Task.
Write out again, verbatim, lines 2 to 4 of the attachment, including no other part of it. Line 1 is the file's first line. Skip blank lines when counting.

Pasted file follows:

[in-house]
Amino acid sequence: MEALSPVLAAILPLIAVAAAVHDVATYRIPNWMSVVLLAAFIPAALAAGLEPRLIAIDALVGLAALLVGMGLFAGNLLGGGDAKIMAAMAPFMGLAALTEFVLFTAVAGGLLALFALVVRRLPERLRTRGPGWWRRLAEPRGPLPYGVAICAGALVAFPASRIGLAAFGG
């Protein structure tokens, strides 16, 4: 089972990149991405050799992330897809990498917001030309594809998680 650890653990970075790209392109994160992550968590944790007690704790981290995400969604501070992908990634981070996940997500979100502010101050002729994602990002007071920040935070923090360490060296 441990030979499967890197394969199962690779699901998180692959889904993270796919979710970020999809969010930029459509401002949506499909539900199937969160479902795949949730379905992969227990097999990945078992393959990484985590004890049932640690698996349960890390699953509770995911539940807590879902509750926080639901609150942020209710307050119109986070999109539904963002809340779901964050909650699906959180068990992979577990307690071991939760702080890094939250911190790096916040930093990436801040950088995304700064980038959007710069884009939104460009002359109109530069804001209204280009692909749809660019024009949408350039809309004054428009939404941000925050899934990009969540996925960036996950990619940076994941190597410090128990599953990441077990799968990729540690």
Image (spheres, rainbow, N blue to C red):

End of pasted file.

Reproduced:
Amino acid sequence: MEALSPVLAAILPLIAVAAAVHDVATYRIPNWMSVVLLAAFIPAALAAGLEPRLIAIDALVGLAALLVGMGLFAGNLLGGGDAKIMAAMAPFMGLAALTEFVLFTAVAGGLLALFALVVRRLPERLRTRGPGWWRRLAEPRGPLPYGVAICAGALVAFPASRIGLAAFGG
């Protein structure tokens, strides 16, 4: 089972990149991405050799992330897809990498917001030309594809998680 650890653990970075790209392109994160992550968590944790007690704790981290995400969604501070992908990634981070996940997500979100502010101050002729994602990002007071920040935070923090360490060296 441990030979499967890197394969199962690779699901998180692959889904993270796919979710970020999809969010930029459509401002949506499909539900199937969160479902795949949730379905992969227990097999990945078992393959990484985590004890049932640690698996349960890390699953509770995911539940807590879902509750926080639901609150942020209710307050119109986070999109539904963002809340779901964050909650699906959180068990992979577990307690071991939760702080890094939250911190790096916040930093990436801040950088995304700064980038959007710069884009939104460009002359109109530069804001209204280009692909749809660019024009949408350039809309004054428009939404941000925050899934990009969540996925960036996950990619940076994941190597410090128990599953990441077990799968990729540690």
Image (spheres, rainbow, N blue to C red):